33
\$\begingroup\$

colors.rgb("blue") yields "#0000FF". colors.rgb("yellowish blue") yields NaN. colors.sort() yields "rainbow"

Using the rules set out in the image and its title text (quoted here), create a program that accepts all the given input and displays the appropriate output.

  • Input can be taken with stdin or nearest equivalent. There should be a line like [n]> on which to type it, and n increases by 1 each command. It should start at 1.

  • The result should be displayed using stdout or nearest equivalent. There should be a => on each line of output.

All 13 conditions, plus the 3 in the title (quoted) must work.

This is code golf, so shortest answer wins.

\$\endgroup\$
  • 16
    \$\begingroup\$ How general should the interface be? For instance, does the floor function have to work for any provided float or can we assume it will only ever be passed 10.5? \$\endgroup\$ – ankh-morpork Jul 10 '15 at 22:52
  • 1
    \$\begingroup\$ Are the > for the output aligned with the > for the input, as n grows and the input > moves farther to the right? \$\endgroup\$ – Sparr Jul 10 '15 at 22:54
  • 1
    \$\begingroup\$ This comic can potentially be interpreted in several ways. Could you provide a list of what specific types and operations we need to implement? \$\endgroup\$ – BrainSteel Jul 11 '15 at 2:09
  • 5
    \$\begingroup\$ Why should n increase by 1? That's not what the comic does... ;-) \$\endgroup\$ – WolframH Jul 11 '15 at 23:46
  • 3
    \$\begingroup\$ @WolframH It is - but he made 2 = 4 in command 11 so it displays 14 not 12. \$\endgroup\$ – Tim Jul 12 '15 at 9:48
21
\$\begingroup\$

Python 3, 700 698 697 689 683 639 611

Tabs as indentation.

from ast import*
E=literal_eval
O='=>%s\n'
P=print
I=int
def Q(a):P(O%a)
def W(a):Q('"%s"'%str(a))
def gb(a):W(_ if'y'in a else'#0000FF')
def t():W('rainbow')
def FLOOR(n):P(O%'|'*3+(O%'|{:_^10}').format(n))
def RANGE(*a):Q([('"','!',' ','!','"'),(1,4,3,4,5)][len(a)])
c=0
while 1:
    try:
        c+=1;A,*B=input('[%d]>'%c).split('+')
        if not A:W(c+I(B[0]))
        elif A=='""':Q("'\"+\"'")
        elif B:
            A=E(A);B=E(B[0])
            if A==B:Q('DONE')
            elif type(A)==list:Q(A[-1]==B-1)
            elif type(B)==list:W([I(A)])
            else:W(A+I(B))
        else:eval(A.lstrip('colrs.'))
    except:Q('Na'+['N','P','N.%s13'%('0'*13)][('-'in A)+len(B)])

Since this uses a bare Except you can't Ctrl-C it. Ctrl-Z and kill %% work though

Some of the conditions are generalized and others will only work with exact input.

  1. A+"B" will work with any A and B not just when A == B
  2. "A"+[] will work for any A that can be converted to an int (Includes hex and binary strings e.g 0xff and 0b01010)
  3. (A/0) will work for any A, Eval Causes DivideByZeroError which is handled in the except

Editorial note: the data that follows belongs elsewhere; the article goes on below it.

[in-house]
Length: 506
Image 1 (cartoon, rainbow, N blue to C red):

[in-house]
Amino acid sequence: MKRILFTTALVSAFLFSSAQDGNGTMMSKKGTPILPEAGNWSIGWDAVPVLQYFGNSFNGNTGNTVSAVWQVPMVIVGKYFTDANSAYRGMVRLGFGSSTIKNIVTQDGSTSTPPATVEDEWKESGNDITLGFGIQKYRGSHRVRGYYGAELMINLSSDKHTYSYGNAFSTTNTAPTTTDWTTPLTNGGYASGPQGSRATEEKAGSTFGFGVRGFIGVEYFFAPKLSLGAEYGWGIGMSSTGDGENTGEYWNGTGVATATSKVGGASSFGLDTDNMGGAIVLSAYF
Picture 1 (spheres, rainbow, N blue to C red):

4. (A/0)+B will work with any A or B. literal_eval (E) raises an error.
  5. ""+"" only works for the + sign. Anything else will print NaN, NaP or NaN.00...
  6. [A, B, C]+D works by checking that D == C+1 so will work for any length of list and any numbers.
  7. ^^
  8. 2/(2-(3/2+1/2)), Anything that fails to parse that has - with a + somewhere after it will output NaN.000...13
  9. RANGE(" ") Hardcoded
  10. +A will work for any A. Ouputs "current_line_number+A"
  11. A+A works for any A as long as they are the same and are bulitin python types
  12. RANGE(1,5) Hardcoded.
  13. FLOOR(A) works for any A.
  14. colors.rgb("blue") The lstrip in eval turns this in gb("blue") which has a hardcoded response.
  15. colors.rgb("yellowish blue") The lstrip in eval turns this in gb("yellowish blue") which attempts to use a non existent variable if y is present in the arguement causing an error which the except turns into NaN
  16. colors.sort() The lstrip turns this into t() which has a hardcoded response.

Brainsteel pointed out an error in my assumption for rule 10.

\$\endgroup\$
  • \$\begingroup\$ Very neat. I think, on #10, it seems that the "+A" is intended to output the line number + A, rather than just prepending 1. \$\endgroup\$ – BrainSteel Jul 11 '15 at 2:06
  • \$\begingroup\$ Ahh yes, obvious now that its pointed out. Well that means that int will be better as a single letter function. Might save a byte or two. \$\endgroup\$ – Daniel Wakefield Jul 11 '15 at 2:12
  • \$\begingroup\$ re #9: RANGE(" ") is a range of characters from the double quote character \x22 to the space character \x20 and back. \$\endgroup\$ – John Dvorak Jul 11 '15 at 5:11
  • 3
    \$\begingroup\$ re the jump: because Randall set 2 to 4 in line 11, 2 is now 4 and 12 is now 14. This also applies to line numbers. \$\endgroup\$ – John Dvorak Jul 11 '15 at 5:15
  • 1
    \$\begingroup\$ You could save some bytes by using space, tab and tab + space for your indentation. \$\endgroup\$ – Tyilo Jul 11 '15 at 20:34
15
\$\begingroup\$

Python, 1110 bytes

Operator overloading isn't evil, right??

from re import*
class V(str):
 def __add__(s,r):return s[:-1]+chr(ord(s[-1])+r)
class S(str):
 def __str__(s):return "'"+s+"'"if '"'in s else'"'+s+'"'
 def __repr__(s):return str(s)
 def __add__(s,r):s=str(s)[1:-1];return S('['+s+']'if type(r)==L else '"+"' if(s,r)==('','')else s+r)
class I(int):
 def __add__(s,r):return type(r)(int(s)+int(r))if s!=r else V('DONE')
 def __div__(s,r):return N if r==0 else int(s)/int(r)
 def __pos__(s):return s+c*10
 def __mul__(s,r):return V('NaN.'+'0'*13+'13')if r==1 else int(s)*int(r)
class L(list):
 def __add__(s,r):return V(str(r==s[-1]+1).upper())
def RANGE(a,b=0):return 2*(a,S(chr(ord(a)+1)))if b==0 else tuple([a]+[b-1,a+2]*((b-a)/4)+[b-1,b])
def FLOOR(n):return V('|\n|\n|\n|___%s___'%n)
def colorsrgb(c):
 m={'blue':V('#0000FF')}
 return m.get(c,N)
def colorssort():return V('rainbow')
N=V('NaN')
c=1
while True:
 try:l=raw_input('[%d] >'%c)
 except:break
 l=sub(r'(?<!"|\.)(\d+)(?!\.|\d)',r'I(\1)',l)
 l=sub(r'"(.*?)"',r'S("\1")',l)
 l=sub(r'\[(.*?)\]',r'L([\1])',l)
 l=sub(r'/\(','*(',l)
 l=sub('s\.','s',l)
 for x in str(eval(l)).split('\n'):print ' =',x
 c+=1

My goal wasn't as much winning (obviously) as it is making it as generic as possible. Very little is hardcoded. Try stuff like RANGE(10), 9*1, and RANGE("A"), (2/0)+14, and "123" for fun results!

Here's a sample session:

ryan@DevPC-LX:~/golf/xktp$ python xktp.py
[1] >ryan@DevPC-LX:~/golf/xktp$ python xktp.py